Battle of the Wilderness
The Battle of the Wilderness introduced Lt. Gen. Ulysses S. Grant’s historical engagements against Gen. Robert E. Lee into the landscape of the Civil War. Fought May 5 – 7, 1864, this was the first encounter that pitted these two infamous leaders against one another. The fighting was bloody and brought heavy casualties to both sides.
On May 4th, 1864, Grant’s Army of the Potomac moved over the Rapidan River at three points before regrouping at the Wilderness Tavern. This put Grant on the edge of the Wilderness of Spotsylvania, a dense area in central Virginia. This was not the first time this forest arena would see fighting. It was near this spot that Stonewall Jackson fought the Battle of Chancellorsville just a year earlier. Grant’s goal was move past the dense bush and combat Lee’s army in the open ground around the forest.
The First Engagements
On the morning of May 5th, the Union began what would be a two-day long offensive against the Confederate Army of Northern Virginia. The Union V Corps engaged the Confederate Second Corp led by Gen. Richard Ewell on the Orange Turnpike. Later in the day, a second offensive began between the Third Corps with A.P. Hill in command and the Union’s Getty’s VI Corps supported by Hancock’s II Corps on Plank Road.
Grant worked to move there two groups through the dense wilderness to the open regions just south and east of the forest. Lee followed the movements of both corps and intercepted them on parallel roads. Grant had Lee woefully outnumbered almost two to one with better armaments. General Lee knew the thick underbrush would work to eliminate Grant’s advantage. The fighting was fierce and encumbered by the landscape. As darkness set in, both sides moved to obtain reinforcements.
As the sun rose the next day, Hancock’s II Corp. attacked the A.P. Hill corps driving them back. Grant realized the Third Corps were weak and near collapse. Before General Hill could lose the battle, the First Corp held by Gen. James Longstreet arrived to bolster the Confederate’s position. This surprise flank attack initially drove Hancock back but failed when Virginians mistook the Confederates for the enemy attacked Longstreet’s force, wounding the commander.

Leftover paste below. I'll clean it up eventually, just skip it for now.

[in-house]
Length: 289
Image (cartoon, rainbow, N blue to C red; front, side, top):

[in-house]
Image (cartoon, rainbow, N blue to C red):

Battle of Spotsylvania Court House
The peak of the battle started May 7th when fighting moved southeast of the wilderness. Grant took his troops beyond the dense growth in an attempt to regain his advantage in better conditions. The initial fight in Spotsylvania would mark the end of the Battle of the Wilderness and begin a longer offensive that would continue until the May 19th Harris Farm Engagement.
Ultimately, the Battle of the Wilderness was a tactical draw. Grant went into the fight with a clear advantage. At the beginning of the campaign, Grant had 118,700 men cumulated into five different corps. Lee brought a mere 64,000 men to the fight. Lee bolstered his position by forcing Grant to fight in dense wilderness, eliminating his advantage and creating to the draw scenario.
The end of the Battle of the Wilderness left Grant with approximately 17,666 casualties as compared to Lee’s 11,000. Grant lost 17 percent of the initial force fight in these three days.
History does not award this battle to either the Union or Confederate armies. At the end, Grant disengaged and moved to an open area that would allow his army to stay on the offensive.